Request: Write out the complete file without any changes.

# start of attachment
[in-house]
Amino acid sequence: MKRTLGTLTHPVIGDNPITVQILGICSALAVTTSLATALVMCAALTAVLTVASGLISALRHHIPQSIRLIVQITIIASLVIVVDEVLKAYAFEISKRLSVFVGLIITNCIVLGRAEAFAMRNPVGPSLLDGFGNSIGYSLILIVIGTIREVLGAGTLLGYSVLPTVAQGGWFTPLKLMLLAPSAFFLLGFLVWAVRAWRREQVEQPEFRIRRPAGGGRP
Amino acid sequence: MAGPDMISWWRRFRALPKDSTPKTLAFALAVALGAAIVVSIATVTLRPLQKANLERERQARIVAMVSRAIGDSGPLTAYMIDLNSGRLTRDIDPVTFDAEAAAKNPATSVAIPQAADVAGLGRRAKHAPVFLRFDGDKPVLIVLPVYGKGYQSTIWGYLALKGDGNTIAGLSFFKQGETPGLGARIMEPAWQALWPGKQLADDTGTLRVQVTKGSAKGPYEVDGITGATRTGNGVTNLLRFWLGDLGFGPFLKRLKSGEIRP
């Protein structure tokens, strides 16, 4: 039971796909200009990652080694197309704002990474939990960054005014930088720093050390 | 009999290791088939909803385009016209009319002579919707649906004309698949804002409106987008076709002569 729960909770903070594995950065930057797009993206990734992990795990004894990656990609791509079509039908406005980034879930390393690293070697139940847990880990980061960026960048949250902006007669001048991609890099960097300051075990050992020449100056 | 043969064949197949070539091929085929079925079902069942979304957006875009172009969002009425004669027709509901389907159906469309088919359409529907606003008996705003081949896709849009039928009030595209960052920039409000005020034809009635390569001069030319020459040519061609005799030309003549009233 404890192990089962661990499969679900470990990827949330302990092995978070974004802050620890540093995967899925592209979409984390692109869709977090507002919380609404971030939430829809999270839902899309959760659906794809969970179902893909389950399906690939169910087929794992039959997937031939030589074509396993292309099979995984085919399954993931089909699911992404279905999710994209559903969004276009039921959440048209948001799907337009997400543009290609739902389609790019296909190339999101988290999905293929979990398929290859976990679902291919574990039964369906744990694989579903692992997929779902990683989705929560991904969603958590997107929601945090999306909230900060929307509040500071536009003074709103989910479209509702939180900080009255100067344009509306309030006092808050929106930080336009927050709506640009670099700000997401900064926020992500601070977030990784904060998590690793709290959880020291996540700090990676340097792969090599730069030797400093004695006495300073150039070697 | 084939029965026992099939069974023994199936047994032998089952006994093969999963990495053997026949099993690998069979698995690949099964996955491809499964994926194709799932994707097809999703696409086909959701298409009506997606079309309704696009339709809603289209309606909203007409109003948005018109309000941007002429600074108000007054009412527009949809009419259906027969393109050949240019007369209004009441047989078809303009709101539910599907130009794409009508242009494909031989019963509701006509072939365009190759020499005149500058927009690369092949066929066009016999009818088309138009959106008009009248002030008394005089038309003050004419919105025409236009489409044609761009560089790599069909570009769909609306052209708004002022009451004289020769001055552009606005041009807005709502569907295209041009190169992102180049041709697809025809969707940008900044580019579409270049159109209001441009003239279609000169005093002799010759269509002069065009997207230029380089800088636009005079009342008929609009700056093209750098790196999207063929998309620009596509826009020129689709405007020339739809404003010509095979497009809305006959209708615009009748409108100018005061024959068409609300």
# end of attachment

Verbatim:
[in-house]
Amino acid sequence: MKRTLGTLTHPVIGDNPITVQILGICSALAVTTSLATALVMCAALTAVLTVASGLISALRHHIPQSIRLIVQITIIASLVIVVDEVLKAYAFEISKRLSVFVGLIITNCIVLGRAEAFAMRNPVGPSLLDGFGNSIGYSLILIVIGTIREVLGAGTLLGYSVLPTVAQGGWFTPLKLMLLAPSAFFLLGFLVWAVRAWRREQVEQPEFRIRRPAGGGRP
Amino acid sequence: MAGPDMISWWRRFRALPKDSTPKTLAFALAVALGAAIVVSIATVTLRPLQKANLERERQARIVAMVSRAIGDSGPLTAYMIDLNSGRLTRDIDPVTFDAEAAAKNPATSVAIPQAADVAGLGRRAKHAPVFLRFDGDKPVLIVLPVYGKGYQSTIWGYLALKGDGNTIAGLSFFKQGETPGLGARIMEPAWQALWPGKQLADDTGTLRVQVTKGSAKGPYEVDGITGATRTGNGVTNLLRFWLGDLGFGPFLKRLKSGEIRP
């Protein structure tokens, strides 16, 4: 039971796909200009990652080694197309704002990474939990960054005014930088720093050390 | 009999290791088939909803385009016209009319002579919707649906004309698949804002409106987008076709002569 729960909770903070594995950065930057797009993206990734992990795990004894990656990609791509079509039908406005980034879930390393690293070697139940847990880990980061960026960048949250902006007669001048991609890099960097300051075990050992020449100056 | 043969064949197949070539091929085929079925079902069942979304957006875009172009969002009425004669027709509901389907159906469309088919359409529907606003008996705003081949896709849009039928009030595209960052920039409000005020034809009635390569001069030319020459040519061609005799030309003549009233 404890192990089962661990499969679900470990990827949330302990092995978070974004802050620890540093995967899925592209979409984390692109869709977090507002919380609404971030939430829809999270839902899309959760659906794809969970179902893909389950399906690939169910087929794992039959997937031939030589074509396993292309099979995984085919399954993931089909699911992404279905999710994209559903969004276009039921959440048209948001799907337009997400543009290609739902389609790019296909190339999101988290999905293929979990398929290859976990679902291919574990039964369906744990694989579903692992997929779902990683989705929560991904969603958590997107929601945090999306909230900060929307509040500071536009003074709103989910479209509702939180900080009255100067344009509306309030006092808050929106930080336009927050709506640009670099700000997401900064926020992500601070977030990784904060998590690793709290959880020291996540700090990676340097792969090599730069030797400093004695006495300073150039070697 | 084939029965026992099939069974023994199936047994032998089952006994093969999963990495053997026949099993690998069979698995690949099964996955491809499964994926194709799932994707097809999703696409086909959701298409009506997606079309309704696009339709809603289209309606909203007409109003948005018109309000941007002429600074108000007054009412527009949809009419259906027969393109050949240019007369209004009441047989078809303009709101539910599907130009794409009508242009494909031989019963509701006509072939365009190759020499005149500058927009690369092949066929066009016999009818088309138009959106008009009248002030008394005089038309003050004419919105025409236009489409044609761009560089790599069909570009769909609306052209708004002022009451004289020769001055552009606005041009807005709502569907295209041009190169992102180049041709697809025809969707940008900044580019579409270049159109209001441009003239279609000169005093002799010759269509002069065009997207230029380089800088636009005079009342008929609009700056093209750098790196999207063929998309620009596509826009020129689709405007020339739809404003010509095979497009809305006959209708615009009748409108100018005061024959068409609300």